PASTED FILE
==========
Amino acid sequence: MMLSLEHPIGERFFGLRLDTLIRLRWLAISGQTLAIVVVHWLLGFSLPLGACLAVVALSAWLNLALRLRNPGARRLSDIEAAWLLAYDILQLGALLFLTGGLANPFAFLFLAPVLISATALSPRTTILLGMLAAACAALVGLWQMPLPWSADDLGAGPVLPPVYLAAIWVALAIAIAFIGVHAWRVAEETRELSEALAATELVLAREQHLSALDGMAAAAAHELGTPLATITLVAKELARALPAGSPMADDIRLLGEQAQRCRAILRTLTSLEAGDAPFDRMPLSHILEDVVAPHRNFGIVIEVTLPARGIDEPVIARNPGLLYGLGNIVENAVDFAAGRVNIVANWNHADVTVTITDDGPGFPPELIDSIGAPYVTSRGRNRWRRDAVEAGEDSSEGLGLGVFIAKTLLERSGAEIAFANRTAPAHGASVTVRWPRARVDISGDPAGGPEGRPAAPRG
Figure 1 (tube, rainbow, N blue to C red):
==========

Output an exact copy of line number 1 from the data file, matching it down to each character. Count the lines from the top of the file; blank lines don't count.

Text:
Amino acid sequence: MMLSLEHPIGERFFGLRLDTLIRLRWLAISGQTLAIVVVHWLLGFSLPLGACLAVVALSAWLNLALRLRNPGARRLSDIEAAWLLAYDILQLGALLFLTGGLANPFAFLFLAPVLISATALSPRTTILLGMLAAACAALVGLWQMPLPWSADDLGAGPVLPPVYLAAIWVALAIAIAFIGVHAWRVAEETRELSEALAATELVLAREQHLSALDGMAAAAAHELGTPLATITLVAKELARALPAGSPMADDIRLLGEQAQRCRAILRTLTSLEAGDAPFDRMPLSHILEDVVAPHRNFGIVIEVTLPARGIDEPVIARNPGLLYGLGNIVENAVDFAAGRVNIVANWNHADVTVTITDDGPGFPPELIDSIGAPYVTSRGRNRWRRDAVEAGEDSSEGLGLGVFIAKTLLERSGAEIAFANRTAPAHGASVTVRWPRARVDISGDPAGGPEGRPAAPRG